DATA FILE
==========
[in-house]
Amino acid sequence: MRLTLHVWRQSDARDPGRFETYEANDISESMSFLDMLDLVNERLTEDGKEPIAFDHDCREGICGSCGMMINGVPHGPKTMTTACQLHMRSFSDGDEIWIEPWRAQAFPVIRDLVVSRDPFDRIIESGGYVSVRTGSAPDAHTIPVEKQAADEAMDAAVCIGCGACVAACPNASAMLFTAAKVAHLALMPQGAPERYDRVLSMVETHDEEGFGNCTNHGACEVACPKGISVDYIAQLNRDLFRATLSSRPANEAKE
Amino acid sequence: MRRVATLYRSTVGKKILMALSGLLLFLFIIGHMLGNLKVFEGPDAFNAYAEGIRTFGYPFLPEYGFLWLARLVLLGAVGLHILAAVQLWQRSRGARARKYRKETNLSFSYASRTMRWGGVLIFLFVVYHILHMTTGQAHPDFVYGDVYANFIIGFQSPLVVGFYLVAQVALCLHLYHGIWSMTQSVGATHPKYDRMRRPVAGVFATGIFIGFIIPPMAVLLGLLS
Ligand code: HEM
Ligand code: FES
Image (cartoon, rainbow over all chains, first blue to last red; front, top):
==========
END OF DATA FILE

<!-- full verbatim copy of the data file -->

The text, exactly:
[in-house]
Amino acid sequence: MRLTLHVWRQSDARDPGRFETYEANDISESMSFLDMLDLVNERLTEDGKEPIAFDHDCREGICGSCGMMINGVPHGPKTMTTACQLHMRSFSDGDEIWIEPWRAQAFPVIRDLVVSRDPFDRIIESGGYVSVRTGSAPDAHTIPVEKQAADEAMDAAVCIGCGACVAACPNASAMLFTAAKVAHLALMPQGAPERYDRVLSMVETHDEEGFGNCTNHGACEVACPKGISVDYIAQLNRDLFRATLSSRPANEAKE
Amino acid sequence: MRRVATLYRSTVGKKILMALSGLLLFLFIIGHMLGNLKVFEGPDAFNAYAEGIRTFGYPFLPEYGFLWLARLVLLGAVGLHILAAVQLWQRSRGARARKYRKETNLSFSYASRTMRWGGVLIFLFVVYHILHMTTGQAHPDFVYGDVYANFIIGFQSPLVVGFYLVAQVALCLHLYHGIWSMTQSVGATHPKYDRMRRPVAGVFATGIFIGFIIPPMAVLLGLLS
Ligand code: HEM
Ligand code: FES
Image (cartoon, rainbow over all chains, first blue to last red; front, top):